Lastly, kitchen towel, something a stencilling job absolutely relies on, as it helps to get excess paint off the roller or sponge. Simply dipping these into the paint, rolling them on the side of the paint tray, and applying the paint straight to the wall, will create the unwanted bleeding of colour over the edges of the design. Best results are achieved instead by using very little paint only, and in addition to the side of the paint tray, rolling or dabbing the paint tool over a kitchen towel, before applying the paint with little pressure onto the wall.
Don't strive for perfection
Leading on from bleeding paint, I learned that a finished stencilled product will never be perfect. In fact, it’s a work of handmade art, which simply close-up will never have those beautifully crisp lines and perfectly even spacing, a digitally printed design would have for instance. Stencils, despite all the effort, practice, and the best quality tools in the world, will simply sometimes not line up, or the paint will bleed in places. It happens to me on every single project, as walls, window sills, sockets, heaters, etc are not always positioned in a perfect 90° angle.
Having done a few projects, and being very much a perfectionist, I understand now it’s important not to lose sight of the overall finished product, which will look stunning. At the end of the day, who will know that I’ve touched up a corner here and seam there? Or will I even remember where I had to paint over a patch and start again? So yes, the job always looks perfect when we see a time-lapse or fancy transition reel online, but real life is not perfect and anything handmade will have imperfections, which is what makes stencils so fascinating.
Work with your space
I would say this is the most important learning of all I’ve made over the years, and one I don’t think is highlighted enough. No matter which stencil design you choose, the space you stencil will heavily determine the look, so it is best to adapt the stencil to the space, rather than the space to the stencil.
When choosing a design for instance, I always consider all the corners, obstacles, or general shape of the space. All this will determine the intricacy of the design, as well as size of the stencil I am able to use for a specific project. The more obstacles, the simpler the design generally. So for instance in my current kitchen, the geometric pattern worked a treat, as I could easily recreate the design in the really awkward corners without even using the stencil.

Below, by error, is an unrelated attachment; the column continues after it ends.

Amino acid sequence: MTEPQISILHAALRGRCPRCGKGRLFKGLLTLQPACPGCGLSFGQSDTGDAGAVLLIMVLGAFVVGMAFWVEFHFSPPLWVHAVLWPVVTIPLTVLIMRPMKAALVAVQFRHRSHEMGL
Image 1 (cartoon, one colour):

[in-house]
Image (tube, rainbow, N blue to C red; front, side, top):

Furthermore, during stencilling, adapting the overall design to the space is a trick I fully embraced for the first time during my latest office project. Here, I didn’t stencil up to the edges of obstacles, as it would have simply made the whole job so much more difficult to realise and would not have made the final product look any better. Instead, I left a comfortable gap around obstacles determined either by masking tape, or wherever the stencil would naturally allow me to. You can see examples of this in the corners of the room, or around the windowsill and heater.
If you look very closely, you will also spot the design is not 100% pattern matched from one wall to the next. Something I also tried for the first time in my latest room makeover, and I think it works. I simply restarted the stencil on a new wall, which was perfectly possible thanks to this relatively busy design, of course.
Another advantage of choosing a multi shaped pattern is, it allows you to add or replace the odd shape here and there to create a more cohesive look, like I’ve done in the hallway mural for instance. The shapes at the bottom are not part of the stencil sequence actually, but they were much softer shapes, which I believe finish off this free flowing edge perfectly.
And that's it. I hope the above tips are helpful. These small, but effective adaptations and learnings definitely helped me create much more cohesive designs, with minimum trouble, though I may not be able to always say the same about time.